non patitur aviditas quemquam esse gratum; nunquam enim improbae spei, quod datur, satis est. et maiora cupimus, quo maiora venerunt, multoque concitatior est avaritia in magnarum opum congestu collocata, ut flammae infinito acrior vis est, quo ex maiore incendio emicuit.
Juvenal 14.139:
The love of money grows in proportion as one's income.

crescit amor nummi, quantum ipsa pecunia crevit.

The English word dropsy comes from Greek hydrops, itself from hydor = water. The medical term edema is more commonly used nowadays for this affliction, which consists of swelling due to accumulation of excess fluid. Jesus cured a man suffering from dropsy, according to Luke 14.1-6:
And it came to pass, as he went into the house of one of the chief Pharisees to eat bread on the sabbath day, that they watched him. And, behold, there was a certain man before him which had the dropsy. And Jesus answering spake unto the lawyers and Pharisees, saying, Is it lawful to heal on the sabbath day? And they held their peace. And he took him, and healed him, and let him go; And answered them, saying, Which of you shall have an ass or an ox fallen into a pit, and will not straightway pull him out on the sabbath day? And they could not answer him again to these things.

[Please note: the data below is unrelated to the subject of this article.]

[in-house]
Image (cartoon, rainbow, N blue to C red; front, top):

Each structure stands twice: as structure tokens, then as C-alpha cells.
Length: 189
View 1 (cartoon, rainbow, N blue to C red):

The view was prevalent in ancient medicine that sufferers from dropsy were always thirsty, and that drinking did nothing to alleviate their thirst and in fact made their condition worse. Naturally this led to a comparison between avarice (a disease of the soul) and dropsy (a disease of the body). In both cases, what the sufferer wanted (more water or more possessions) only aggravated the problem.

Aristippus, quoted by Plutarch, On Love of Wealth 524b (tr. Phillip H. De Lacy and Benedict Einarson):
If a man eats and drinks a great deal, but is never filled, he sees a physician, inquires what ails him, what is wrong with his system, and how to rid himself of the disorder; but if the owner of five couches goes looking for ten, and the owner of ten tables buys up as many again, and though he has lands and money in plenty is not satisfied but is bent on more, losing sleep and never sated by any amount, does he imagine that he does not need someone who will prescribe for him and point out the cause of his distress?
Stobaeus 3.10.45 (on Diogenes the Cynic):
He used to liken greedy men to those suffering from dropsy. For the latter, although filled with liquid, still desired to drink.
Teles, On Poverty and Wealth (p. 39 Hense):
If anyone wishes to free himself or another from want and poverty, let him not seek possessions for himself. For, as Bion says, it is as if someone wishing to stop a dropsy patient's thirst, were not to cure the dropsy but furnish the patient with fountains and rivers.